(1) Glaucon and Adeimantus ask us to consider why we should behave morally. This is often referred to as a version of the Immoralist’s Challenge. Spend a paragraph explaining the challenge, as described in the reading, and responding to the challenge with an argument of your own. Is there any good reason to act justly for its own sake?
Glaucon argues that “committing injustice is by nature good” (359a) and that “no one is just willingly but by necessity.” (360d) According to his argument, it is only the social contract (by which I protect myself from you in exchange for protecting you from me) which causes people to act justly; if someone were able to behave unjustly toward others without penalty, he says, they would certainly do so unless they were “extremely pitiful and stupid.” (360d) Glaucon illustrates his claim using the story of the ring of Gyges, which makes the wearer invisible and thus powerful without consequence (i.e. beyond the reach of punishment for bad behavior). He then describes a hypothetical just man and a hypothetical unjust man, and purports to show that the unjust man will be happy and successful while the just man will be a miserable failure. In my view, Glaucon’s argument conflates influence over other people, and the pursuant ability to satisfy base appetites such as sex and hunger, with happiness per se. Glaucon ignores more basic components of human happiness such as self-esteem, relationships, authenticity and integrity, and spirituality and instead assumes that power and pleasure are the basic constituents of happiness. Reading his argument, one gets the impression that happiness is a consequence of material wealth and power, which seems to me to be an inaccurate description of human psychology (and one which has been widely criticized, e.g. in the satire American Psycho). I conclude that Glaucon is correct to claim that material pleasure and influence can be conducive to a person’s happiness; however, they are by no means sufficient. Glaucon’s analysis of the relationship between justice and happiness concentrates on that subset of situations in which behaving unjustly contributes to happiness; moreover, he ignores more basic constituents of human happiness with which unjust behavior is in conflict.
(2) Suppose that Gyges finds, not one ring, but two. Both rings have the same magic power. Put yourself into Gyges’ sandals, and imagine that your conception of happiness is the same as his. What would you do with the second ring? Briefly explain the rationale behind your answer. You will need to start by explaining Gyges’ conception of happiness.
Gyges’ conception of happiness involves appetite and power: starting as a lowly sheepherder, he uses his ring to seduce the queen and seize the throne. (360b) Granting a second person the same power of invisibility (with a second ring) would not advance either Gyges’ ability to satisfy his appetites or his power; indeed, a second ring-holder would represent a mitigation of Gyges’ power, since he would no longer have exclusive invisibility, he’d have to worry about being deceived himself by the other ring holder, and outsiders would have more opportunities to learn how defend themselves against the rings’ powers. Therefore, it seems to me that Gyges would most likely destroy the ring or otherwise endeavor to render it useless.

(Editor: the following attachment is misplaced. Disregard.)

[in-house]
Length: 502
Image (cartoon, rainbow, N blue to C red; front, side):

(3) Consider the ethical theories from the Timmons reading. Which theory, in your assessment, gives the best rationale for why someone should be moral, (for example, in the Gyges example)? What rationale would that theory give and what are the strengths of that explanation? You will be graded on how clearly you explain, and how well you defend, your answer.
Timmons outlines (in addition to relativism and divine command, which he practically dismisses) six moral theories: Consequentialism, Natural Law Theory, Kantian deontology, Rights-Based Moral Theory, Virtue Ethics, and Prima Facie Theory. It seems to me that none of these theories give a satisfying account of why one ought to act morally. Each takes that for granted, and instead attempts to show how to do so. Indeed, it’s not clear that any moral theory could non-circularly argue this, because statements about what should be necessarily presume actionable values, which is precisely what a moral theory is supposed to demonstrate. I’d suggest instead that people simply are moral in the sense that we have values built into us. Different people may have different values, but there is no conscious being which entirely lacks values. (I should clarify that I’m not advocating relativism: I’m not endorsing the equality of all values, but rather observing that we find our values in ourselves instead of discovering them in the world.) The role of moral theory, then, is not to provide but to clarify these values, so that we are able to make our actions conform to our values–in other words, make what we’re doing conform to what we (really) want to be doing. Therefore, it seems to me that PFD gives the least unsatisfying account of why one ought to act morally, because PFD makes the provisional nature of its duties more obvious that its competitors. Looking at NLT or Consequentialism, it’s easy to suppose that there is some metaphysically basic, universally valid value or rule to which everyone really ought to conform. PFD does not suggest this.